Sunday, August 7, 2011

Matt’s Week in Dork! (7/31/11-8/6/11)

    It was a less than restful vacation for this dork.  But during my insomniac nights, I did get some movies watched.  And had a few fun side adventures. 

Cowboys & Aliens:  Though more serious than I’d originally expected when I heard the title, this fun little actioner should satisfy most viewers.  The script is pretty good, the story not bad, the effects solid, and the actors all right for their parts.  Ford and Craig make for a nice pair of leads, and Olivia Wild elevates what could easily have been a really awful character into one I enjoyed.  Hearing complaints from several critics about the movie being difficult to follow, I once again have to wonder what kind of crack they pass out at critic conventions.  The plot is quite easy to follow and spelled out on more than one occasion.

Trailers from Hell: Volume 1:  A fun collection of trailers, with commentary by various directors.  This is likely only going to be of great interest to serious movie fans, but for them, it’s quite enjoyable.  Little bits of trivia, interesting observations, and just a good deal of fun.

Trailers from Hell: Volume 2:  More trailers get the Trailers from Hell treatment, commentary by various interesting directors.  There’s plenty of good, entertaining stuff.

Mystery Science Theater 3000: The Rebel Set:  The name doesn’t make much sense.  It’s basically just a heist film, with a cast of meh actors.  Joel and the Bots give it the business.  Quite funny.  While not a stand out episode, it’s funny from beginning to end.  Good stuff.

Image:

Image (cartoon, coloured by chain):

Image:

Mystery Science Theater 3000: The Killer Shrews:  Plenty of laughs to go around in this episode, as Joel and the boys watch a group of idiots get attacked by dogs…I mean, shrews.  The movie is totally stupid and they give it what for.  Well worth it for fans.

The Magnificent Seven Ride!:  Though Lee Van Cleef is cool, and there are some fun character actors, this movie just feels low-rent.  There’s just not that much going on, and what there is has all been done better in other films.  Not a bad watch, but not worth seeking out.

Stingray:  More puppet action from Gerry Anderson and friends, Stingray is a good deal of fun.  I especially love the final song.  I don’t know, something about it is so delightfully cheesy in a 50s sort of way.  Pretty good puppet work, good sets, and cool action pieces make for plenty enjoyment.  And the music is pretty good.  It’s not up to the best of The Thunderbirds or anywhere near as awesome as Captain Scarlet.  But a good show.

Danger: Diabolik:  Silly spies, wacky adventures, crazy music, and some awful dubbing (especially on people who didn’t need it).  Danger: Silly.  But, the movie is a great deal of 60s wacky fun.  James Bond this isn’t.  But if you’re in the mood for campy adventure and the smooth stylings of John Philip Law, give it a go.  Unfortunately it runs long, being at least a half an hour longer than it should be.

The Avengers Season Seven:  I think Linda Thorson got an unfair shake from many fans, replacing obvious favorite Diana Rigg.  But Thorson is actually quite good as the sexy foil to Patrick Macnee’s dapper super-spy.  The season has plenty of great episodes, with lots of cool guest appearances.  Keep an open mind, and enjoy more fun, nutty stories.  And don’t get too hung up on the cast change.